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Int J Obes. 1982;6(4):369-82.

Hypothalamic obesity in the weanling rat: dietary self-selection, actual macro-nutrient intake, caloric regulation and response to subsequent low palatability diet.

Abstract

Weanling male Sprague-Dawley rats received bilateral electrolytic lesions in the ventromedial hypothalamic nuclei (VMNL rats); sham-operated rats served as controls. For 28 post-operative d all animals were fed three equicaloric [16.9 kJ/g (4.03 kcal)] diets with different amounts of macronutrients in each (HCD = high-carbohydrate diet, HFD = high-fat diet and HPD = high-protein diet). VMNL rats selected more than controls from HCD (P less than 0.05) and HFD (P less than 0.01) but similar amounts from the HPD. The total intake from all three diets was greater (P less than 0.001) than that of the controls, but in percent of total diet intakes, VMNL selected proportions comparable to the controls. In terms of macronutient intake, VMNL rats ingested more than controls from each (carbohydrate, P less than 0.001; fat, P less than 0.05; protein, P less than 0.01). Again, in percent of total macronutrient intake, they ingested proportions comparable to the controls. Lee Index (P less than 0.001) was greater and body weight gain/kJ (kcal) smaller (P less than 0.001) in VMNL rats than in controls. However, body weight gains were normal. For the following 14 d, one group of VMNL rats and one control group continued to self-select from the three diets while another VMNL and control group received lab chow [14.2 kJ/g (3.39 kcal)]. Analysis of variance showed a lesion effect for the Lee Index (P less than 0.001) and Lee Index gain /kJ(kcal) (P less than 0.01) but body weight gains and caloric intake were normal among the groups, ie the VMNL rats switched to chow decreased their caloric intake to control levels. On sacrifice, white and brown fat percent protein (P less than 0.001 for both), carcass lipid (P less than 0.001) and protein (P less than 0.01) and plasma insulin (P less than 0.001) showed lesion effects, but there were no differences among the groups in plasma glucose, glycerol, total protein and free-fatty acids. Availability of palatable diets immediately following VMN lesion placement in weanling rats will result in hyperphagia that after one month recedes to normophagia, whether the rats are fed palatable or less palatable diets. Availability of a less palatable diet (chow) following presentation of palatable diets will not result in diminished caloric intake, body weight, obesity and hyperinsulinemia.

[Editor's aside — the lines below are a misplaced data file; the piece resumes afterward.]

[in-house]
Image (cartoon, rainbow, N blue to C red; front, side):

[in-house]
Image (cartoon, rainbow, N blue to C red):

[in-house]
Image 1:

PMID:
7129749
[PubMed - indexed for MEDLINE]
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